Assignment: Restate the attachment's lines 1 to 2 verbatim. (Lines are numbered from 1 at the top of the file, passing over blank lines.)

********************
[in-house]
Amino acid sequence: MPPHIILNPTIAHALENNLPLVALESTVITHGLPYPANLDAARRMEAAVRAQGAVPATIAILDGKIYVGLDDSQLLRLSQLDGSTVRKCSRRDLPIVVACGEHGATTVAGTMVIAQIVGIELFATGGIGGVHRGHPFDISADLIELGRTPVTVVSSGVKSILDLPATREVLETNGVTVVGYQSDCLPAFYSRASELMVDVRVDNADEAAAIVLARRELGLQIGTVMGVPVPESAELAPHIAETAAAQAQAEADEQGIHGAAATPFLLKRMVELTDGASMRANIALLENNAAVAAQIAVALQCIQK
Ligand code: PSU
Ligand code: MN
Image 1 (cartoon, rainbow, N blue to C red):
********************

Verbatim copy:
[in-house]
Amino acid sequence: MPPHIILNPTIAHALENNLPLVALESTVITHGLPYPANLDAARRMEAAVRAQGAVPATIAILDGKIYVGLDDSQLLRLSQLDGSTVRKCSRRDLPIVVACGEHGATTVAGTMVIAQIVGIELFATGGIGGVHRGHPFDISADLIELGRTPVTVVSSGVKSILDLPATREVLETNGVTVVGYQSDCLPAFYSRASELMVDVRVDNADEAAAIVLARRELGLQIGTVMGVPVPESAELAPHIAETAAAQAQAEADEQGIHGAAATPFLLKRMVELTDGASMRANIALLENNAAVAAQIAVALQCIQK